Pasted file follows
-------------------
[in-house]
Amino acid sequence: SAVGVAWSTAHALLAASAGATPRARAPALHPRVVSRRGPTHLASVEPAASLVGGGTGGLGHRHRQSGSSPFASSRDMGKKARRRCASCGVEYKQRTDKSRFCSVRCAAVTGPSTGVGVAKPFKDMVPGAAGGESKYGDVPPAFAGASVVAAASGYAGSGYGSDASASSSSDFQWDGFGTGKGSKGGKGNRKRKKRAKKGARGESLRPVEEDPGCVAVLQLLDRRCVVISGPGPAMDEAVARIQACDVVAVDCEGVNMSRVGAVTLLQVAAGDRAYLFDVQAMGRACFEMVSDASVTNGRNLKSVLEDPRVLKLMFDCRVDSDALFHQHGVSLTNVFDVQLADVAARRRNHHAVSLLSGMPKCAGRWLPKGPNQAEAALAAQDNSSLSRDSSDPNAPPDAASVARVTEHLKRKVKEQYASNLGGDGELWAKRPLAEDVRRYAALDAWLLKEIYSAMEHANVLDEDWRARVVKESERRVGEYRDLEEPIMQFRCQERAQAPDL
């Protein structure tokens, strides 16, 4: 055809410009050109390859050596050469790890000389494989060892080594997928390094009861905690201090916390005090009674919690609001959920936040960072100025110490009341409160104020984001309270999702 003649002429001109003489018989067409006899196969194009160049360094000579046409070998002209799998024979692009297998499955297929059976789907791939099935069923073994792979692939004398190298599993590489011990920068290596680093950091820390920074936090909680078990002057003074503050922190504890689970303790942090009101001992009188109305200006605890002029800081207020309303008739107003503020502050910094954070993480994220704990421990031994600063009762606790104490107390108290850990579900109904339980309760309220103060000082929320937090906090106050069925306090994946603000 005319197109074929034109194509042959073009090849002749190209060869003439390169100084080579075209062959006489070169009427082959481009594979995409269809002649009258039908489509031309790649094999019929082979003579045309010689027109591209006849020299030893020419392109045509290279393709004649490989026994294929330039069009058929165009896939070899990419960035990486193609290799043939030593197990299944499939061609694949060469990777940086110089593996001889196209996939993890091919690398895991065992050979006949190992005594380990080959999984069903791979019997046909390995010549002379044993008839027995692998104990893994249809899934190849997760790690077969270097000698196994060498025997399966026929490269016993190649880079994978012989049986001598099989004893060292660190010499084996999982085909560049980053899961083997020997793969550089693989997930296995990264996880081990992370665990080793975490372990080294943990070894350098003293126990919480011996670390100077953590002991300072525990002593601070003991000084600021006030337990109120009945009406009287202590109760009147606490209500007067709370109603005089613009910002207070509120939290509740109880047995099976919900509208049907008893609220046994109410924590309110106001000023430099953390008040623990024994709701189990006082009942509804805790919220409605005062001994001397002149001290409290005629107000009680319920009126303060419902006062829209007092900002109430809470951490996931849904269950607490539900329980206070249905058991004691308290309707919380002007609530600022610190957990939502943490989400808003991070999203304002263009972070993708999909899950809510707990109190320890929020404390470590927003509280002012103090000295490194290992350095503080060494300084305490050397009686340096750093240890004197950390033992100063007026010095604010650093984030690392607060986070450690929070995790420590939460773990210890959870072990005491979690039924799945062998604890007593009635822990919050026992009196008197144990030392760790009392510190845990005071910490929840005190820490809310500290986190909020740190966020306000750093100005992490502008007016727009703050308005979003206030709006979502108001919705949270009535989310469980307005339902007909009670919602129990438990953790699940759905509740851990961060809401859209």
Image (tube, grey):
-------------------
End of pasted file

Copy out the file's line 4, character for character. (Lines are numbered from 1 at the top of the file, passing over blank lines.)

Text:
Image (tube, grey):